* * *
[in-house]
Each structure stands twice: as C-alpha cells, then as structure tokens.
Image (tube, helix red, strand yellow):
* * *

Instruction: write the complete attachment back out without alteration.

[in-house]
Each structure stands twice: as C-alpha cells, then as structure tokens.
Image (tube, helix red, strand yellow):